To Begin Again. Return Again – Winter Migrants on Kilcoole Beach
by Seán Ó Súilleabháin – January 11th 2017
by Seán Ó Súilleabháin – January 11th 2017
On Wednesday the 4th of January, The Irish Times had a photo by Nick Bradshaw of a gaggle of geese flying over Kilcoole beach, silhouetted against an ochre sky as the sun went down behind the Wicklow hills. The sight and sound of these migratory birds will be very familiar to anyone who enjoys walking down by the Kilcoole marshes at this time of year, when they are at their most numerous. The brent goose arrives around October from their breeding grounds in northern Canada, while the greylag goose migrates south from Iceland to feed on the sedge around the fertile wetlands around the Irish coast.
Kilcoole estuary and Poulaphouca Reservoir are some of the best places to see these winter migrants who return to the same feeding grounds year after year. Their inbuilt memory of place fills me with wonder and joy every time I see them return. For me, geese are the iconic bird of winter and their consistent cyclical journeys of migration are one of nature’s beautiful ways we can record the turning of the seasons. Their coming and going offer us a sense of stability that I think many of us seek as a counterbalance to our fluid and frenetic lives.
Another migrant that returns at this time of year is that dreaded word resolution. ‘What’s your New Year’s resolution?’ you will have been undoubtedly asked over the last few days. Personally, I very rarely make them anymore, as I’m still promising to fulfil my 2007 resolution of learning a new French word a day. The last time I checked my French note book, I have no more than thirty mots inscribed.
However, on one rare occasion, I did manage to keep my promise of recording in word the seasonal changes that I noticed as I visited my favourite places in Wicklow. This county has so much to offer the nature enthusiast and the Breaches down by Kilcoole beach is where you may see some of our passage migrants or winter visiting waders, feeding out on the mudflats, such as curlew, knot, bar-tailed godwits and redshank.
My little observation journal that I kept over one year eventually became the scaffolding for my book Wicklow Bound and it was on my very first entry on New Year’s day where I scribbled, ‘Geese flying overhead in V formation before landing noisily on farmland to the south. Sun setting beyond hills. Stunning.’
Wicklow’s wild and solitary landscape has also attracted many writers into its creative embrace. The Irish-American writer JP Donleavy lived in a cottage by Kilcoole coast while he wrote his famous novel The Ginger Man. The story goes that Brendan Behan visited Donleavy’s cottage one evening, but finding no one at home, decided to let himself in none the less. On seeing Donleavy’s unfinished manuscript left out on the kitchen table, he proceeded to add his own observations and recommendations along the margins, much to the understandable chagrin of Donleavy on his return.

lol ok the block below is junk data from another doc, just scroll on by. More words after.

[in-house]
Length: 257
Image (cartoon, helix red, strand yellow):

In the late Anthony Cronin’s wonderful memoir Dead as Doornails, he described how Behan was also once offered the loan of a cottage in the Wicklow Mountains by a friend, where he could escape the haze of drunken Dublin and settle down to write his own great work. Behan declined the kind offer however, confiding in a rare glimpse of truthful vulnerability, ‘The trouble with this writing business is that you have to be yourself while doing it. And that’s hard.’
Let’s be truthful to ourselves then about these so called New Year’s resolutions. Even Oscar Wilde had no time for them; dismissing them as ‘cheques that men draw on a bank where they have no account.’ So let’s forget about the half-baked promise of 6am yoga classes, or diets of egg white omelettes, lentil soups and coconut water.
Instead, this January, why not simply go for a walk along the Wicklow coast some evening when all you would prefer to do is stay in-doors by the fire. Go out and walk by the sea and watch the geese flying overhead as the sun sets low in the west. Go out and feel the cold January air sting your cheeks. Go and record in word, image or memory the natural beauty that Wicklow has to offer. Like the fidelity of geese, seek out a place you love and you will find yourself returning to it, again and again. Not because it’s a resolution, but because it’s part of who you are. That would be enough. That would be plenty. It’s as good a promise as any to help yourself settle back on the continuous merry-go-round. Beginning the journey once more of another passing year.
Seán Ó Súilleabháin
After ten years of living in and exploring Wicklow, Seán Ó Súilleabháin has composed a magnificent and unique guide to Ireland’s Garden County: ‘Wicklow Bound’, A Seasonal Guide.
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